"La Prima Angelica/Cousin Angelica" (1974), a Jury Prize winner at Cannes and the first film made in Spain from the viewpoint of the losing side, somehow made it past the censors without cuts. Scenes like the disturbing one of a boy being beaten to the tune of a Franco-ist anthem enraged the Falangists (fascists), and the film so impressed Bunuel that he declared he would have given part of his life to have made it. Saura's partnership with Chaplin (an exquisite face in the shadows of so many of his films) reached its peak with "Cria Cuervos/Raise Ravens/Cria!" (1976) and "Elisa, vida mia/Elisa, My Life" (1977). Most critics admired the former for the delicacy of its psychological perceptions rather than as any kind of political statement, and the director himself placed the latter on the other side of the divide separating his pre-Franco and post-Franco work. Functioning as a metaphor for the relation between art and life, creation and death, the intensely personal picture starred Fernando Rey as a novelist reunited after a long separation with his daughter (Chaplin), who continues his last book after he dies.
Since Franco's demise, Saura has most frequently immersed himself in dance musicals, including a celebrated trilogy ("Blood Wedding" 1981, the Oscar-nominated "Carmen" 1983, "El Amor Brujo" 1986) with choreographer Antonio Gades. Adapted from classics (a play by Garcia Lorca, an opera by Bizet, a de Falla ballet) and set in contemporary settings, they are among the most popular films in Spanish box-office history and just one example of the surprising diversity displayed by the director post-Franco. "Deprisa, Deprisa" (1980) returned to the issues Saura had explored in "Los Golfos", and if he was repeating himself, he was doing so with a clarity previously absent, perhaps owing to the contributions of the four street youngsters who worked with him on the script. "Dulces Horas" (1982), "Antonieta" (1982) and "Los Zancos" (1984) were all soul-searching stories dealing with the impact of suicide; "El Dorado" (1988) was a lavish historical epic based upon the life of Conquestador Pedro de Ursuo (which also formed the basis for Werner Herzog's "Aguirre, the Wrath of God"); and "Mama Turns One Hundred" (1979) showed that the director could also make people laugh.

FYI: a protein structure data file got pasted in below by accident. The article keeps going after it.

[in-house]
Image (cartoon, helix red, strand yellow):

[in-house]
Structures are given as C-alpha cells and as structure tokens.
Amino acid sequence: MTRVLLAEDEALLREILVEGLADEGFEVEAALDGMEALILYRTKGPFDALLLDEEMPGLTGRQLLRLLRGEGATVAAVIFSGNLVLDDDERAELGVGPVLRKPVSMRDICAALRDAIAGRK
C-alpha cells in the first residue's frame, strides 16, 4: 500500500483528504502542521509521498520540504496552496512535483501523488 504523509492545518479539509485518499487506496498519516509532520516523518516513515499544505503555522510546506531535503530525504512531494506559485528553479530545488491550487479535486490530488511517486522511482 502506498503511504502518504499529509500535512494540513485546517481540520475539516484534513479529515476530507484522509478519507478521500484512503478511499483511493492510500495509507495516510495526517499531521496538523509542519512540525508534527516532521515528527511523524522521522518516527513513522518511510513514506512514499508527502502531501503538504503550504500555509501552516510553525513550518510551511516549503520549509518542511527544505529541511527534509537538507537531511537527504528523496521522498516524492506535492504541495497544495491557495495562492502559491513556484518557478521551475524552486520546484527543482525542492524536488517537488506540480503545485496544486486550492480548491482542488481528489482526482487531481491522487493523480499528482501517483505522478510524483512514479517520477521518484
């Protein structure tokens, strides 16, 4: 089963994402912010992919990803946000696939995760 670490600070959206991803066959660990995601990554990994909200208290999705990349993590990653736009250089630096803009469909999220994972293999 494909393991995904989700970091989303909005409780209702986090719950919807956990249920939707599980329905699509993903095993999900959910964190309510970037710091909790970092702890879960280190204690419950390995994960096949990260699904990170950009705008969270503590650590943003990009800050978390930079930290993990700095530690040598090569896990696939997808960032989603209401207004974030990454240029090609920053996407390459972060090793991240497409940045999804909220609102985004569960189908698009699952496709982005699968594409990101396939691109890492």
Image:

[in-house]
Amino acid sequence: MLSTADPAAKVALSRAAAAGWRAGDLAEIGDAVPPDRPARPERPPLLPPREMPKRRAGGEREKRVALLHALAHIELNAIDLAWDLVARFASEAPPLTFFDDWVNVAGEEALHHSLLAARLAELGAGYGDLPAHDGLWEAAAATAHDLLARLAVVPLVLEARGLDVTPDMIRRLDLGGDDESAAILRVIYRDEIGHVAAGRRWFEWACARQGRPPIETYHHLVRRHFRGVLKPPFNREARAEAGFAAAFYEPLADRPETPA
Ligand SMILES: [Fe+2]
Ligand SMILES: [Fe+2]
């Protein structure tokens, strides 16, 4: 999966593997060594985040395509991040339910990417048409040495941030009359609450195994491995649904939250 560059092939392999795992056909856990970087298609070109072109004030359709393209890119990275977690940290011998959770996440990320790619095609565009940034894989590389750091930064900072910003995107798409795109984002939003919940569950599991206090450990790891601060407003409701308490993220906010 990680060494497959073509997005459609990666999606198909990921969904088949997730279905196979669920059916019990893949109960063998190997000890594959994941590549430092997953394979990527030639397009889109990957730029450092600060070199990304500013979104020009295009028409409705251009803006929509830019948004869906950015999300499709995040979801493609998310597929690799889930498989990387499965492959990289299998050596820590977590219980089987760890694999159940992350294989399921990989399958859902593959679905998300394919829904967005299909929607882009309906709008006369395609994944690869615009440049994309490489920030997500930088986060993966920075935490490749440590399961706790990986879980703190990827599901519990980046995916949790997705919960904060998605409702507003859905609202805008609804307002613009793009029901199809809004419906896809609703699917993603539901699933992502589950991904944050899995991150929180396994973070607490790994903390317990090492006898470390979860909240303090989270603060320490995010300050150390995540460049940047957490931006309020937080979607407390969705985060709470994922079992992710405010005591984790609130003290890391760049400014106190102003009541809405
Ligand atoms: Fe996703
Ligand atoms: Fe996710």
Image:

In that same vein was "Ay, Carmela!" (1990), a clever, rapier-witted farce which made a clean sweep of that year's Goya Awards. Starring Carmen Maura as a vaudevillian who entertains partisans during the Spanish Civil War, the funny and poignant story chronicles her plight when she, her husband and their mute assistant get trapped behind enemy lines. Saura stumbled with "Dispara!/Shoot!" (1993), his tale of a circus performer who goes on a rampage after being raped by three men, but roared back into the winner's circle with "Flamenco" (1995), his fifth dance film (also "Sevillans" 1992) and his first collaboration with director of photography Vittorio Storaro. Filming in an abandoned train station in Seville, the pair created a magical, minimalist world of light in which the singing, dancing and guitar-playing traditions of the flamenco could hold the viewer's undivided attention. Unable to resist the lure of a winning formula, he returned with "Tango" (1998, his third picture with Storaro), which earned an Academy Award nomination as Best Foreign-Language Film. Again, with Storaro's input, Saura crafted a behind-the-scenes look at filmmaking complete with romantic entanglements (the director falls in love with the star) that also functioned as a richly textured, lyrical evocation of the tango's spiritual and political significance in Argentina.